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TO THE MARQUIS DE LAFAYETTE - Thomas Jefferson, The Works, vol. 12 (Correspondence and Papers 1816-1826) 
The Works of Thomas Jefferson, Federal Edition (New York and London, G.P. Putnam’s Sons, 1904-5). Vol. 12.
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TO THE MARQUIS DE LAFAYETTE
Monticello, November 4, 1823
My Dear Friend,
—Two dislocated wrists and crippled fingers have rendered writing so slow and laborious, as to oblige me to withdraw from nearly all correspondence; not however, from yours, while I can make a stroke with a pen. We have gone through too many trying scenes together, to forget the sympathies and affections they nourished.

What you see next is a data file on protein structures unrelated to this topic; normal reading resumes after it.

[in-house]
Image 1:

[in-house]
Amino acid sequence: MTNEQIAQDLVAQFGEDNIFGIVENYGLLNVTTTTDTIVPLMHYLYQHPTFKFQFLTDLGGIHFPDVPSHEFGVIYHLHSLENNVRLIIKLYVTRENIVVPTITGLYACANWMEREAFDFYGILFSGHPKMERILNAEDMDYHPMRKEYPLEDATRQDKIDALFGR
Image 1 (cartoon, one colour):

Your trials have indeed been long and severe. When they will end, is yet unknown, but where they will end, cannot be doubted. Alliances, Holy or Hellish, may be formed, and retard the epoch of deliverance, may swell the rivers of blood which are yet to flow, but their own will close the scene, and leave to mankind the right of self-government. I trust that Spain will prove, that a nation cannot be conquered which determines not to be so, and that her success will be the turning of the tide of liberty, no more to be arrested by human efforts. Whether the state of society in Europe can bear a republican government, I doubted, you know, when with you, and I do now. A hereditary chief, strictly limited, the right of war vested in the legislative body, a rigid economy of the public contributions, and absolute interdiction of all useless expenses, will go far towards keeping the government honest and unoppressive. But the only security of all is in a free press. The force of public opinion cannot be resisted, when permitted freely to be expressed. The agitation it produces must be submitted to. It is necessary, to keep the waters pure.